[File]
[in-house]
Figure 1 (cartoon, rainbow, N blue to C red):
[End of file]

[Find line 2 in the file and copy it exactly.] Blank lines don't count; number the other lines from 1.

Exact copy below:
Figure 1 (cartoon, rainbow, N blue to C red):